Evolutionary Developmental Studies of the Vertebrate Body Plan and its Origins


Our research focuses on how the diverse spectrum of exquisite morphological patterns exhibited by the animal body came to be. By comparing various embryos and gene expressions, it is only possible to seek out commonalities of pattern, leading to the identification of homologous elements or generalized body plans, which are not so different per se from the concept of "unity of types" initially proposed by Geoffroy St. Hilaire. We believe that the inability to make straightforward comparisons can in fact be more meaningful at times, as this permits us to explore the developmental changes that resulted in the acquisition of non-comparable novelties. Such phenomena suggest a loss of developmental constraints, which may have led to creation of new connections, new patterns, and new cell-cell interactions, thereby allowing the acquisition of de novo expression domains for developmental regulatory genes that may be responsible for specific patterning events. Such changes are theoretically obtained by heterotopic and heterochronic shifts in developmental programs, as first suggested by Haeckel. Comparative methods thus potentially provide a way to understand the developmental and mechanical backgrounds for evolutionary novelties that more or less involve the cooption of gene regulatory networks. Comparative morphology and embryology are thus our primary strategy for gaining a better understanding of the nature of the fundamental questions and obtaining hints about ways to arrive at the answers. These hints can be found everywhere, not only under the microscope, but also in museums and libraries.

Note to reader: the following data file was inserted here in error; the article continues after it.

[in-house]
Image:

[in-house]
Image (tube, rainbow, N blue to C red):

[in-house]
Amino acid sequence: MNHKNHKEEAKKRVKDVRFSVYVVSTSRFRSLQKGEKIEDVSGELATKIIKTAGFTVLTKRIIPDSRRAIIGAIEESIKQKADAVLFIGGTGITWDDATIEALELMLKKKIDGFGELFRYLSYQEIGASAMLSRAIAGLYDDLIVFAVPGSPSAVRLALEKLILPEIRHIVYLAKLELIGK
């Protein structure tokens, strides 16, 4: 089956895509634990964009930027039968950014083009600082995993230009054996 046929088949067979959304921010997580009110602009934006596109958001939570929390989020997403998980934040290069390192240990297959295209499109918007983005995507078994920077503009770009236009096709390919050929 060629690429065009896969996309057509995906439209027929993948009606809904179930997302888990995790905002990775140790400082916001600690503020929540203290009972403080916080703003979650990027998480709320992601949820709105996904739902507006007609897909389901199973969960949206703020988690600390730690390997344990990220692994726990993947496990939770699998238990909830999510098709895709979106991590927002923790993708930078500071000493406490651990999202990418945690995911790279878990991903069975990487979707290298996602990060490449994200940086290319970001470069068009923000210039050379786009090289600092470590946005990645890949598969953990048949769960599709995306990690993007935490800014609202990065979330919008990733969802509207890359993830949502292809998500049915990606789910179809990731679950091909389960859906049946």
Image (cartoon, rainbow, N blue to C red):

1. Kopfproblem
Goethe suggested that the vertebrate skull is composed of several vertebrae; Oken went even farther and said that we are nothing but a vertebral column. The theory of head segmentation was denied by Thomas Huxley, but was resurrected in the form of a comparative embryological problem, and today, our group addresses the same problem from Evo-Devo perspectives. This "head problem" is central to our understanding of the vertebrate body plan and its evolutionary origins. Major questions include:

    i. What are the 'head cavities' initially recognized in elasmobranch embryos? Are they present in cyclostomes? How are they similar to trunk somites?

   ii. If the vertebrate head mesoderm is somehow unique, how is it related to the rostral mesodermal elements in amphioxus? Is it possible to establish homologies between amphioxus rostral segments and any of the head mesodermal domains in vertebrates?

   iii. What was the sequence of events or changes introduced into the developmental programs of vertebrate ancestors, in the transition from non-vertebrate to vertebrate body plan?